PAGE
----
The central fund is one option to create a pool for managing periodical payments, says Michael Faulkner
The market or a section of the market could come together to develop its own pool, such as a captive insurance company
' The issue of periodical payments has come to the fore again with the revelation that reinsurers are looking to wash their hands of the long-term burden of these awards (News, 20 January).
The move leaves primary insurers looking for ways to manage the uncertainty and potentially huge claims costs that come with this as yet untried form of personal injury award.
Annuities - life insurance products that pay annual sums - are seen as one possible solution to the problem. But the market is limited in this area, and while large insurers with life insurance arms may be able to arrange some sort of annuity scheme, other insurers could be left out in the cold. There are signs that the annuities market could be set to expand, presenting a possible lifeline.
For Lloyd's managing agents the problem is particularly acute. As syndicates are only annual ventures, they are prohibited from setting up annuities. Liability underwriters must therefore look for an alternative solution.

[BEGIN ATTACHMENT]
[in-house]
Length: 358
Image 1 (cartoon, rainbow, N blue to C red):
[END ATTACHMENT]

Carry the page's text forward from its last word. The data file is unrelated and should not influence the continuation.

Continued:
There have been some suggestions that Lloyd's itself should set up some form of central scheme for managing periodical payments. Actuaries agree that a mutual pool arrangement makes sense as it would reduce the unpredictability that individual syndicates would face from dealing with a small number of periodical payments on their own.
What form would such a pool take? There have been calls for the central fund to be used, with syndicates paying additional contributions to cover the liability. But such suggestions have been rubbished by senior Lloyd's sources. They argue it would be impossible to do so as the central fund is there to protect the market from insolvencies. To use the central fund to cover periodical payments would breach reinsurance arrangements and go against the fundamental purpose of the fund, they say.
It would seem that the current management team at Lloyd's has no appetite for change in this area.
Of course the central fund is not the only means of providing a mutual pool to cover periodical payments. The market or a section of the market could come together to develop its own pool, such as a captive insurance company. The composite market could benefit from this approach too.
The opportunities are there for an entrepreneurial company to step in and develop a solution. At a time when there seems to be so much uncertainty and confusion about the impact of periodical payments and how to manage them, the industry needs someone to take the lead.